Exclusive: paedophile priest's bid for freedom

Former priest Brian Spillane
Former priest Brian Spillane
Brian Spillane, as pictured in a 1978 St Stanislaus College publication.

Brian Spillane, as pictured in a 1978 St Stanislaus College publication.

A NOTORIOUS child sex offender, the former priest Brian Spillane, has launched a bid to quash his conviction by claiming he faced an unfair trial.

Spillane, a former chaplain at Bathurst’s St Stanislaus College, was sentenced to nine years in prison earlier this year for abusing three girls, one as young as eight, in the late 1970s and early 1980s.

Fairfax Regional Media can reveal Spillane’s lawyer, Greg Walsh, has prepared a series of documents outlining why the conviction should be overturned. The case will be heard in the NSW Court of Criminal Appeal in April next year, around the same time the Royal Commission into child sex abuse will be lifting the lid on decades of crime and cover-up.

Spillane’s defence lawyer, Greg Walsh, this week claimed Spillane, 69, was wrongly convicted.

“I’ve been a lawyer for 35 years and I don’t think I’ve seen a more unfair trial in my experience,” he said.

One Spillane victim was the 11-year-old relative of male students known to Spillane. During court proceedings, it was revealed Spillane abused her at a north-west NSW country town. Alone together in the kitchen of her home, Spillane asked the girl to sit on his lap. When she did, he put his fingers between her legs and touched her vagina. When she jumped away, he wrapped a hand around her throat and with the other, pulled the girl’s shorts down and assaulted her again.

The other victims were from Sydney, where the priest worked before returning to Bathurst in about 1984. One of the offences occurred when Spillane was in the victim’s bedroom for night-time prayers.

Mr Walsh conceded the national focus on child sex abuse would sharpen reaction to Spillane’s bid for freedom.

“This appeal will be determined by, probably three, very experienced judges…I would have every confidence those justices would not be influenced by the media, they would not be influenced by the current publicity about the Catholic church and paedophilia,” he said.

“Most members of the public may believe this appeal should not be upheld because he’s a former priest and he’s been convicted of paedophile-type offences.

“But I’m sure there are other members of the public…who subscribe to the view Mr Spillane is entitled to a fair (appeal) and would get a fair hearing.”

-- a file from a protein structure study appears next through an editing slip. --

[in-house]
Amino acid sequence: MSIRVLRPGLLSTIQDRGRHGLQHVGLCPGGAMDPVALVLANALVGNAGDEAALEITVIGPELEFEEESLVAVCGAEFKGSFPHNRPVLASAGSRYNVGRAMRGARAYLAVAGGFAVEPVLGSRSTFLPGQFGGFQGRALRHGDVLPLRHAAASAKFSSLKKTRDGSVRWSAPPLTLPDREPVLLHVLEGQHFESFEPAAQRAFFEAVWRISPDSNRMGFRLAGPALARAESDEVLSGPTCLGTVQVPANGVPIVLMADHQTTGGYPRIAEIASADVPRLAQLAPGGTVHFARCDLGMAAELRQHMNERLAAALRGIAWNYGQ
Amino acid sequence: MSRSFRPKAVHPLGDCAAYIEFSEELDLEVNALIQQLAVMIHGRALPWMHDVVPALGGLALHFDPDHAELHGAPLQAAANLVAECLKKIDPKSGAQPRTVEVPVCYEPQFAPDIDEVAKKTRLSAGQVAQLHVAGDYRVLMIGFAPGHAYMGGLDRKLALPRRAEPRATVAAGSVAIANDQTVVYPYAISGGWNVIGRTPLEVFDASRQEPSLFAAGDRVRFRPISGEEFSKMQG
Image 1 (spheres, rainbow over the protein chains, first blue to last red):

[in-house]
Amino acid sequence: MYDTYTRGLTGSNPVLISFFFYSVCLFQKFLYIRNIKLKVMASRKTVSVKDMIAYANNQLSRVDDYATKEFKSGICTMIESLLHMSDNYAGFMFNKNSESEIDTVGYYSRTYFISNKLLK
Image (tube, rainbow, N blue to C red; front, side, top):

Bathurst police fielded the first complaints about Spillane and he was charged in 2008. He was convicted in late 2010 but his sentencing only occurred in April this year because Mr Walsh was attempting to have former NSW District Court judge Michael Finnane disqualified from presiding over the case.

Mr Walsh had signed a statutory declaration claiming Judge Finnane told him at a 2011 social function that paedophiles were “all guilty” and should be “put on an island and starved to death”.

Judge Finnane denied making the statements and the legal bid to have him removed was lost.

The alleged comments are one of nearly a dozen grounds for the appeal.

“The background to (all of) this is you had a judge presiding over it who had a view that people like Mr Spillane should be put on an island and starved to death,” Mr Walsh claimed.

“I think that speaks for itself.”

He also claimed a witness in the trial had undergone hypnosis, which “could have distorted their memory”.

During sentencing proceedings, Judge Finnane said Spillane’s attacks were “serious, planned and callous”.

“The offender used his position as a priest to gain access to the homes in which each of his victims lived,” Judge Finnane said

“He was very trusted and the parents of each of the victims readily gave him access to their daughters because of that trust and the esteem in which he was held.”

The victim-support group Broken Rites, which has spent several years probing Spillane’s history, declined to comment.

Spillane has consistently denied the charges brought against him. Mr Walsh said he was pursuing the appeal pro bono. Routine procedural steps in the appeal process occurred in September and October and written submissions were filed last month.

Sexual abuse by staff or members of religious institutions like boarding houses, as well as state-run schools, is expected to be scrutinised during the impending Royal Commission announced by Prime Minister Julia Gillard on Monday.